The most successful websites are those that give their users what they want as easily and quickly as possible. Building a website that can do this requires careful planning.

Identifying your users

Before you build a website you need to be clear on who your target audiences are and what tasks they will expect to complete on your website.

Your target audiences might include:

  • other researchers
  • higher education professionals
  • government representatives
  • politicians or their researchers
  • media
  • business users
  • students
  • study participants.

Identifying your users' needs

Your users will visit the site because they want to find information. This could include:

•    general information about your research, programme or centre
•    specific pieces of information like a press release or research paper
•    information about forthcoming events
•    information about your publications
•    information about the people who make up your team
•    information about the people you collaborate with
•    your contact details and how to find you.

Understanding your users' needs will help you prioritise the information you provide online, and to develop a suitable design a structure for your website. You should build your site around your users' top tasks. 

Identifying key content

Identifying and prioritising content to meet users' needs can greatly increase the impact of online resources.

When you have identified your users and their key requirements, you can prioritise the content that you need to include on your website. Only include content that will genuinely help your users. Don't include inward-focused content and don’t be afraid to exclude material from your site.

When you begin to design your site, make sure that your users can clearly find the content they need to complete their top tasks.

For example, one of your key user groups may be other researchers who come to find research papers. A prominent link on the homepage that allows them to go straight to a list of publications should mean that they can get what they need quickly. And a good search facility would allow the user who is looking for a specific paper to find it in one step.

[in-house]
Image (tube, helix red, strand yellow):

When you design your website you need to group your content into logical sections that users will easily identify with. Your section and content titles must be clear and meaningful for your users.

Completing key tasks

When users visit your website they will often have a particular task that they want to achieve. It’s vital that your website allows users to complete key tasks quickly and easily. 

You must ensure that your users can easily find out: 

  • what research you are involved in 
  • who funds your research 
  • how to contact you for information about your research 
  • what the impacts and findings of your research have been so far 
  • how to keep up-to-date with your work (eg through news on your website, newsletters, RSS feeds and social media).

Your users may also have particular tasks that are very specific to your website and you should ensure that they can also easily complete these. 

Ask some of your users, colleagues or friends to test your website to see if they can achieve these tasks. Their feedback can be invaluable.